It shouldn't have to be said, but unfortunately in this political environment apparently does, that such an action is obviously a serious violation of basic principles of government ethics. The USOGE exists to give guidelines to civil servants on conflicts of interest and to assist Congress and the President in reducing and eliminating conflicts of interest for appointees. It only has authority to advise, train, and provide information; it does not have authority to enforce the guidelines it gives nor to pressure anyone to follow them -- that is under the authority of other agencies. What is more, the President is not subject to normal conflict of interest statutes (which govern civil servants and political appointees), nor normal ethical guidelines (which emanate from the Office of the President itself and thus are not superior to it). As noted in the opinion the tweets reference, the President is not in any way bound by anything that the OGE's province covers, even though it is a good idea in general for the President to lead by example on these matters. The OGE thus does not have any authority at all in this matter except to advise. Likewise, it is not an agency which has the authority to investigate, and therefore to evaluate, the ethical situation of the Presidency; it is an advisory body that should be giving advice to Trump and to the White House and to Congress, and not mouthing off in public.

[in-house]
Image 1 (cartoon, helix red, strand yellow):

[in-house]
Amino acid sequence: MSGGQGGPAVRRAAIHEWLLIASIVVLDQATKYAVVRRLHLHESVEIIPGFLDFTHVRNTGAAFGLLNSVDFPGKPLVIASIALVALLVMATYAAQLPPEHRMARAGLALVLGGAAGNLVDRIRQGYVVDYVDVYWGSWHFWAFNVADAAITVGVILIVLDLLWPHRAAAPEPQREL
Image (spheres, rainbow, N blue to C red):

What is more, while a President-Elect will soon be President, he is not yet; he is still a private citizen, not the holder of a constitutional or statutory office. It is utterly inappropriate for the USOGE to discuss a private citizen's affairs in public in this way, without full authorization to do so. Not only that, but this kind of evaluation is entirely unprofessional, because the USGOE has not seen anything of Trump's actual plan, and it is utterly unprofessional to use an official medium of government communication to pronounce on a matter that has not undergone an appropriate and official process of evaluation. Nor is the tone of these tweets professionally appropriate to the situation. Nothing whatsoever about this behavior is in any way acceptable, especially in an agency serving such an essential function in the preserving the ethical integrity of the civil service itself.

The election of Trump was not a holiday from sanity. The obligations of citizens and civil servants are as they ever were. Honor is still honor, virtue is still virtue, moral law is still moral law. As they always have been, reason is reason and truth is truth. There is no excuse for such failures of good sense.